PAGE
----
Russell Brand became a household name in the UK as host of reality TV spinoff “Big Brother’s Little Brother” in 2006. Shutterstock file

Britain has always had its own particular brand of risque humor, often exporting it to the States, where stars like Brand, who had a brief stint in Hollywood movies, shocked its traditionally more puritanical audiences.

“British comedy has always been bawdy, raunchy and winking,” said Wynter Mitchell-Rohrbaugh, a cultural commentator and podcaster based in Los Angeles. “The audience takes it in, they don’t think too much of it, but then when you get into real-life consequences, real-life allegations,” such as those leveled at Brand, “it pivots and changes things a lot.”

Brand was endorsed not only by broadcasters and their audiences but leading politicians keen to cash in on his cultural capital. In 2015, then opposition Labour leader Ed Miliband interviewed Brand as part of his election campaign, something he said this week he regrets.

Brand’s former employers, the BBC and Channel 4, pledged to investigate their processes and have pulled some of his work. (Channel 4 commissioned some of Brand’s former shows before airing last weekend’s exposé against him.)

Tim Davie, BBC director-general, said it was investigating allegations by Brand’s then-16-year-old girlfriend that a company car collected her from school and took her to the star’s house.

“This industry has definitely faced significant issues with regard to a deep power imbalance in certain places, between so-called talent, presenters, and others working on shows,” Davie told a Q&A with staff that was released by the organization’s press office.

But as much as audiences, broadcasters and celebrities themselves profess to have moved past those bad old days, many within the industry roll their eyes at the idea that things have changed substantively.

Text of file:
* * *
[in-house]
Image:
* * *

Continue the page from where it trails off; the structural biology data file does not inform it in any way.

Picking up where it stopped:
“We know the entertainment industry is absolutely rife, and within that the comedy industry is the least regulated,” said Stevie Martin, a comedian who has participated in WhatsApp groups where women warn each other of industry predators. 

“There are so few structures” to protect people, she added, “And many people involved in those structures have obviously looked the other way.”

While Brand’s overt style may not wash now, Martin and others say that the same alleged activity is just better hidden today. It’s more common to hear about men “who go out of their way to appear feminist” but then act inappropriately in private, she said, “and that to me is more terrifying.”

And even if there has been a softening of the cultural rhetoric, there has been little change when it comes to metrics such as rape conviction rates in Britain, with charges brought in less than 2% of reported cases, according to the charity Rape Crisis England & Wales.

“We continue to like to cling as a society to the notion that things have changed and are constantly getting better,” Bates said. But “I think we have a lot of the same problems in 2023; we just struggle to recognize them when they are under our noses.”

She added that “it is baffling to see so many people talking about how normalized sexism was in the media in the 2000s as if this is now a different era.”